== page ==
Friday, October 14, 2011

The Sociology of Earbuds

Earbuds (and the iPods/mp3 players attached to them) have changed the world. I admit, I’m guilty myself. While walking my dog or commuting on the bus, I get bored. I’m not much for music in my ear. (I prefer to listen to music in the air, not through earbuds.) But I love podcasts.  For me it’s mostly recordings from AncientFaith Radio and occasionally Mushing Magazine.  (Yeah, I’m a bit odd.)

Here we are, crammed in a bus, but no one communicates. I sit next to someone, so close that we have to tense up to keep from touching, but yet neither one acknowledges the other; we both are in the world of our recordings.  It’s just not right.

So sometimes I rebel. I’ve made friends with the morning bus driver. We’re usually the only ones talking on the bus. I’m not sure what the others think of our chattering.  But the driver tells me she looks forward to picking me up each day.

But I still plug in on my evening commute. A couple of days ago I sat down and plugged in as usual. A young woman sat close to me. I smiled at her. I recognized her from somewhere.  But I was already plugged in, so I didn’t say anything.  Then the bus stopped and waited while a young girl gathered her musical instrument and backpack and got off the bus. We watched her, our eyes showing our concern for the young girl riding the bus alone.

When she had gotten off, I paused my podcast, looked at the young woman and said, “She seems kind of young to riding the bus by herself.”

That comment started a conversation.  I asked the young woman where I knew her from, and she said it was just from the bus. (I still think I know her from somewhere else, perhaps the Table, where I eat lunch frequently, but she could be right.) We exchanged names, I asked her what she was studying, she asked about my job, where I lived, what I was listening to. I made a new friend on the bus, and I look forward to seeing her again.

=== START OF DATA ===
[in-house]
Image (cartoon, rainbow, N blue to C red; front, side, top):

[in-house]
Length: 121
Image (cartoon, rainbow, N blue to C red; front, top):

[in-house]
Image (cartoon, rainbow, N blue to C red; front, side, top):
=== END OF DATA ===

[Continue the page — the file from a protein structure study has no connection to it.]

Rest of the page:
What a concept: Making a new friend on the bus. It used to happen all the time; but now it’s an oddity.  And it makes me concerned for the future of our society.
Maybe I’ll unplug more often.


  1. Fantastic post! I enjoyed that Marcia.

    Ahhh, the good ol' days, huh?

  2. Yeah, I often get nostalgic for the way things used to be.

  3. Lincoln is an "in-between" city. I've lived there (half my life), but also in big cities like Boston. Now I live in a small town where strangers frequently chat, but could you imagine how busy you would be if you were expected to greet every one you encountered in NYC? In New York, it's sometimes considered rude or at least strange for some one to talk to you, but in small town America, it would seem rude if you did NOT! (Merrill)

  4. Those are good points. I think Lincoln is in between. You can chat with strangers or ignore them. It's your choice. Since I ride on a campus bus, it's a bit different social atmosphere as well. Maybe I should write a post about the sociology of cities and towns.

  5. Amazing, I thought I was the only one who disliked music right in my ear? It makes it too loud for me, usually.

  6. Yeah, sometimes it's too loud and bothersome but there's more to it than that. Sometimes I like to sing along, but that doesn't work with headphones. Also, I just prefer music to be in the air. I can't really explain it; that's just the way music should be listened to, in my opinion.

  7. music in my ears helps me to improve my mood!

  8. That's good. I know a lot of people like it. I think most of the people who wear earbuds are listening to music. But if you see me with earbuds, I'm probably listening to a podcast.